Sunday Worship: 8:30, 9:40, & 11 a.m.

Giving

Our History


“In the Heart of Germantown” for over 170 years.

Germantown United Methodist Church began as a small group of Methodists who gathered for worship in each others’ homes in the 1830s. These families had come to live on the west Tennessee frontier, establishing a little settlement eventually named Germantown. The settlement prospered modestly and the Methodist congregation grew.

The History of GUMC

in the beginning

The congregation, numbering 45, decided to build. The trustees purchased a lot on the west side of a newly opened street west of Germantown and divided the property for church yard and grave yard. After a small frame building was erected, the street became known as Church Street, now McVay.

The Civil War

Having faithfully served its members for some twenty years, the Germantown Methodist’s first frame building became a hospital for wounded Federal soldiers during the occupation of Germantown in the Civil War. The structure suffered considerable wartime damage.

Reconstruction

A second frame church replaced the original building.

The First Parsonage

Church trustees purchased the adjoining lot to the north in order to build a parsonage. There had been no resident minister until then because it was, and still is, common practice for small Methodist congregations to be served by traveling clergy ministering to two or more churches.

Upgrading the Church

The need for a better church had been recognized. The trustees secured financing by mortgaging the church lot and borrowing $800 from the Board of Church Extension of the Methodist Episcopal Church, South. The second frame structure was razed and a new one erected.

Temporary Lodging

Lightning struck the church, which burned to the ground. The trustees decided to move. Retaining the cemetery, they sold the Church Street property and bought a lot on Bridge Street, now Germantown Road. The adjoining lot was purchased to provide space for a new parsonage.

For the next several years Germantown’s Methodists met for worship in the only portion of the new church they could afford to finish: a concrete basement, which had been temporarily roofed.

A Fresh Start

The 324 member congregation finally completed its new church plant; a sanctuary, which is now the chapel; a Sunday School room, the present hallway behind the chapel; a pastor’s office; and a parsonage.

Growing

Church members numbered 355. A home to the south of church was purchased for a new parsonage, and the old parsonage to the north was converted into Sunday School Rooms.

Classrooms Added

Membership had increased to 432. A two-story building for classrooms was added to the west of the structure housing what is now the chapel.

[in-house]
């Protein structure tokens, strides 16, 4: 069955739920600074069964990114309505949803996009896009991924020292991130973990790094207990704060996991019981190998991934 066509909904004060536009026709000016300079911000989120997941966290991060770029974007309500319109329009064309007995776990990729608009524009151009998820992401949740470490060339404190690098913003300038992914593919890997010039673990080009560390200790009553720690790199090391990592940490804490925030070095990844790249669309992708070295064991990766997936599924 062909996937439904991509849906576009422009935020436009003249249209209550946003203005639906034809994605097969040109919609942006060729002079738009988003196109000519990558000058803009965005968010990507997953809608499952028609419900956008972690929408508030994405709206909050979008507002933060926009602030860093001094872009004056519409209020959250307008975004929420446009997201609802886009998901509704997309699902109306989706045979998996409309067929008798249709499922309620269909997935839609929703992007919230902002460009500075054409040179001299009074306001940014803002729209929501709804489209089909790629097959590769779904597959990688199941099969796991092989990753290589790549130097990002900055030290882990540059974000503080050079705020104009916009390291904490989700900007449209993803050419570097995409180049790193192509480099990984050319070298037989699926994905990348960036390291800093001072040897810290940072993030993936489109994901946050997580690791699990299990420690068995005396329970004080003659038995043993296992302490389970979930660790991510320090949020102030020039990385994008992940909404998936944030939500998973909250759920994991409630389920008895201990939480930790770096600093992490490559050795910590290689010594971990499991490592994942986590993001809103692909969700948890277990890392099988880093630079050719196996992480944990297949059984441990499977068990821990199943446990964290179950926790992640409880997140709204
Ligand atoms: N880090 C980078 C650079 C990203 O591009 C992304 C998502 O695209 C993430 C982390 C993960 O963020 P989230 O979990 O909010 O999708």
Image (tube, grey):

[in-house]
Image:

Moving Day

The membership of the church had increased rapidly, reflecting a dramatic population explosion in the Germantown community. By 1976, 867 members were listed on the church rolls; within two years the figure reached 1300.

In November, the congregation, choir, and pastors walked in joyous procession from the present chapel to a spacious, newly built sanctuary. Two years later the new Schantz pipe organ was dedicated.

Following the completion of the sanctuary, the fellowship hall, the new kitchen, and the choir room, the church offices were remodeled.

Education Building Erected

The education building on the south end of the Germantown Road property was completed.

OLEC Added

The church, with a membership of 1958, dedicated the Owings Life Enrichment Center on West Street across from the sanctuary. The OLEC included a gym with stage and walking track, new classrooms and kitchen facilities.

Back to McVay

To further serve its 2,400+ members, GUMC bought back the old parsonage and church property on McVay along with five acres surrounding the original Methodist cemetery. The old house was remodeled for use by the Boy Scouts and other groups; the land was converted into beautiful McVay Park.

Further Rennovations

Starting in 2002, the campus started undergoing major upgrades. In 2004, The Hamilton Ministry Center was erected, providing additional room for offices, bible studies, and small group meetings. In 2008 The Cottage was added, providing a place for ministry and mission work just across the street. And the most recent addition came in 2013 with a new Youth Ministry house across from McVay park.

Today, the GUMC campus spans three city blocks in the heart of Old Germantown, with plenty of room for its 3000+ members to love, grow, and serve in Christ every day.